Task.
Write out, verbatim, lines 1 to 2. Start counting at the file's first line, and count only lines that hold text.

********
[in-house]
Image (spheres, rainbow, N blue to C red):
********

[in-house]
Image (spheres, rainbow, N blue to C red):